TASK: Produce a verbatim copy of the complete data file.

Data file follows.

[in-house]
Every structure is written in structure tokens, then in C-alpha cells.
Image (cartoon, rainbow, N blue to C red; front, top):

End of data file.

[in-house]
Every structure is written in structure tokens, then in C-alpha cells.
Image (cartoon, rainbow, N blue to C red; front, top):